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Tozer Part 2

October 16, 2007

Here’s more of Tozer from the book “The knowledge of the Holy”

 “Left to ourselves we tend immediately to reduce God to manageable terms. We want to get Him where we can use Him, or at least know where He is when we need Him. We want a God we can in some measure control. We need the feeling of security that comes from knowing what God is like, and what He is like is of course a composite of all the religious pictures we have seen, all the best people we have known or heard about, and all the sublime ideas we have entertained.

If all this sounds strange to modern ears, it is only because we have for a full half century taken God for granted. The glory of God has not been revealed to this generation of men. The God of contemporary Christianity is only slightly superior to the gods of Greece and Rome, if indeed He is not actually inferior to them in that He is weak and helpless while they at least had power.

If what we conceive God to be He is not, how then shall we think of Him? If He is indeed incomprehensible, as the Creed declares Him to be, and unapproachable, as Paul says He is, how can we Christians satisfy our longing after Him? The hopeful words, ”Acquaint now thyself with him, and be at peace,” still stand after the passing of the centuries; but how shall we acquaint ourselves with One who eludes all the straining efforts of mind and heart? And how shall we be held accountable to know what cannot be known?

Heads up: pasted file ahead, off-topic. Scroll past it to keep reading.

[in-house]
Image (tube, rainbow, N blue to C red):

”Canst thou by searching find out God?” asks Zophar the Naamathite; ”canst thou find out the Almighty unto perfection? It is high as heaven; what canst thou do? deeper than hell; what canst thou know?” ”Neither knoweth any man the Father, save the Son,” said our Lord, ”and he to whomsoever the Son will reveal him.” The Gospel according to John reveals the helplessness of the human mind before the great Mystery which is God, and Paul in First Corinthians teaches that God can be known only as the Holy Spirit performs in the seeking heart an act of self-disclosure.

The yearning to know What cannot be known, to comprehend the Incomprehensible, to touch and taste the Unapproachable, arises from the image of God in the nature of man. Deep calleth unto deep, and though polluted and landlocked by the mighty disaster theologians call the Fall, the soul senses its origin and longs to return to its Source. How can this be realized?

The answer of the Bible is simply ”through Jesus Christ our Lord.” In Christ and by Christ, God effects complete self-disclosure, although He shows Himself not to reason but to faith and love. Faith is an organ of knowledge, and love an organ of experience. God came to us in the incarnation; in atonement He reconciled us to Himself, and by faith and love we enter and lay hold on Him.

”Verily God is of infinite greatness,” says Christ’s enraptured troubadour, Richard Rolle; ”more than we can think; … unknowable by created things; and can never be comprehended by us as He is in Himself. But even here and now, whenever the heart begins to burn with a desire for God, she is made able to receive the uncreated light and, inspired and fulfilled by the gifts of the Holy Ghost, she tastes the joys of heaven. She transcends all visible things and is raised to the sweetness of eternal life….

Herein truly is perfect love; when all the intent of the mind, all the secret working of the heart, is lifted up into the love of God.”’

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